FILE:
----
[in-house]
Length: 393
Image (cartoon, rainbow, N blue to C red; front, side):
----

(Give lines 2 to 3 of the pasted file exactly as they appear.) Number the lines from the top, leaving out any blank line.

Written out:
Length: 393
Image (cartoon, rainbow, N blue to C red; front, side):